I am sure that this is the authors rational attempt to prove that even once we are ‘saved’ we will continue to be ‘saved’ irrespective of our behavior. But the rational does not meet with the simple truths of the bible and because of that I cannot recommend this book.

Friday, October 14, 2011

Ending Extreme Poverty


The author, a senior ministry advisor for Compassion International, brings about a compelling and motivational case to end poverty. He believes that one of the main hurdles to get over in eradicating poverty is our low expectations. The point here is that we don’t think we can get rid of poverty it will always be with us, as seen and interpreted when Jesus told the disciples, “the poor you will always have with you.” The author brings out the argument that what Jesus was talking about and to were the disciples. The poor would always be with them, but not necessarily have to be with civilization forever.
He gives some statistics that show that extreme poverty is already being broken.

• In the past 8 yrs., the number of kids dying from measles has declined by 78 percent
• Twenty two countries have cut their malaria rate in half in only 6 years
• The number of children dying each day from preventable causes has dropped from 40,000 per day to 21,000
• In 1981 52% of the world’s population lived in extreme poverty. Today that number is 26%

As I read those statistics I could not help but think how those who feel that Jesus return is near, because everything is so bad, would respond. I suppose it would make you review your ‘last days’ theology. The author feels that for the first time in human history, we have the realistic possibility of ending extreme global poverty.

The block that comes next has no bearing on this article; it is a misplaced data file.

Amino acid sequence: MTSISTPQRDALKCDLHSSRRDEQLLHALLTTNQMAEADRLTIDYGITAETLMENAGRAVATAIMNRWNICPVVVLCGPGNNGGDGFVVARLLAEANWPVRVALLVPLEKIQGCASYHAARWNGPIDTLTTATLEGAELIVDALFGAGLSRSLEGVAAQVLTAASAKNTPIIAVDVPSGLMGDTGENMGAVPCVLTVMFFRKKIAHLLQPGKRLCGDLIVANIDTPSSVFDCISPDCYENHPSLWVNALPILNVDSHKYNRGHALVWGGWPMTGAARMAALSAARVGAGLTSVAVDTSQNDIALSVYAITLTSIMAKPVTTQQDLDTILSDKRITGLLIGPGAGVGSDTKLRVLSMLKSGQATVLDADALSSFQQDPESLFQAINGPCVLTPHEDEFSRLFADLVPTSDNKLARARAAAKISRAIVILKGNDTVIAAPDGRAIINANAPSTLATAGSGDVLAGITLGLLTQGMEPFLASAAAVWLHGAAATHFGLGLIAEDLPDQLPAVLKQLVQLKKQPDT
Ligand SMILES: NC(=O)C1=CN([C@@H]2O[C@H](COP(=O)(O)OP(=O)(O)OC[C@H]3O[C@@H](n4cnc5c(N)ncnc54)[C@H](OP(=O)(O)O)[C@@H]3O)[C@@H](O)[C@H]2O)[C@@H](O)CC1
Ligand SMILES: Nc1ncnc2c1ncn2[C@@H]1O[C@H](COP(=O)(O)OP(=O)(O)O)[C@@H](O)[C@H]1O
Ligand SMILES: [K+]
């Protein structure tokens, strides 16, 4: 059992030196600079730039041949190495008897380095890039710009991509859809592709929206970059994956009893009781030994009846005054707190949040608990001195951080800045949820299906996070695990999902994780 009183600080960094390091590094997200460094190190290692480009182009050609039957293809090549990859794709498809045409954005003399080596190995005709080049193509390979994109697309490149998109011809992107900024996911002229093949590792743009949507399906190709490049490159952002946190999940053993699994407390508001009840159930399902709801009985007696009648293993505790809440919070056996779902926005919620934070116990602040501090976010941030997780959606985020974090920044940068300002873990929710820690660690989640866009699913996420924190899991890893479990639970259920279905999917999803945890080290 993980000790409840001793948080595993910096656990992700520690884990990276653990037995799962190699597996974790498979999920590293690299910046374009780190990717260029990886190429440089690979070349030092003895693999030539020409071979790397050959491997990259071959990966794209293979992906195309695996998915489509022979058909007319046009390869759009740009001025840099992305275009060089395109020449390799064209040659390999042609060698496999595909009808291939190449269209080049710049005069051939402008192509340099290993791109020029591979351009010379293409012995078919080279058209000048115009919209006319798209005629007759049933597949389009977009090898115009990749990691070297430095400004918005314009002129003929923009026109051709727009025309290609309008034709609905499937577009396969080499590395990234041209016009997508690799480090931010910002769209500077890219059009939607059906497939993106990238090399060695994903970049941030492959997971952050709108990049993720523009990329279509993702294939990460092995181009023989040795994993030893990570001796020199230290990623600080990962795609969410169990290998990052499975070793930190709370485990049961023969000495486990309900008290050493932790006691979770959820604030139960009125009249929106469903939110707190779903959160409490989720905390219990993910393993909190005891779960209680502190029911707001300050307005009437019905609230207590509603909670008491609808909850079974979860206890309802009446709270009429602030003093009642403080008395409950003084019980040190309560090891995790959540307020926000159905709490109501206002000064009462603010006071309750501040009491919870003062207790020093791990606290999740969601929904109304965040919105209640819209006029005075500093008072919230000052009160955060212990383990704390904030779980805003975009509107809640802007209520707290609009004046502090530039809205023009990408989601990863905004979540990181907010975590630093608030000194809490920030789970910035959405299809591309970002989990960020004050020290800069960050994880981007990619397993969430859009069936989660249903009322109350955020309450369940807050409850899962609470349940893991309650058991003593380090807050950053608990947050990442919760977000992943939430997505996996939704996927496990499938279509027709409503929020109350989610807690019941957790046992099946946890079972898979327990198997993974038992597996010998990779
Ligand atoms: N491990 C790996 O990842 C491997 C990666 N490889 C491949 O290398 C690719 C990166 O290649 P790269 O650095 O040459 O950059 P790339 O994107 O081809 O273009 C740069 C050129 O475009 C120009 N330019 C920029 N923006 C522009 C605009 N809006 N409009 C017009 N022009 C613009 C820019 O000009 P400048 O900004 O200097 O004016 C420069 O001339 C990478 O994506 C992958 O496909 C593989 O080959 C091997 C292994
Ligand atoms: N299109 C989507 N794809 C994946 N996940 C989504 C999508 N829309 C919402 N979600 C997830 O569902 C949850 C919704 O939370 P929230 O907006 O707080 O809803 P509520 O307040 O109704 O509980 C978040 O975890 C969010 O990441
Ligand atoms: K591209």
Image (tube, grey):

The author does not make a dichotomy between poverty work and evangelism. He says, “we don’t do anti-poverty work and share the gospel. Sharing the gospel is anti-poverty work.” He goes on to say that the most powerful ant-poverty strategy is the good news of Jesus Christ both proclaimed and demonstrated.

From a practical standpoint the author says that the best way to end poverty is by a combination of the 3 major sectors of society: government, business and the church/non-profit. Then he gives a chapter on each section to explain what he means. He closes the book out by showing the statistics of how little we as the church give financially ( 97.1% of the churches income from donations etc. is spent on themselves and that 96% goes toward buildings, carpet, staff etc)

This is one of many books written about poverty and its eradication that have come out in the last few years. If you have not read any this would be a good primer. It is easy reading, less than 200 pages and a good place to begin to motivate us to do our part to end extreme poverty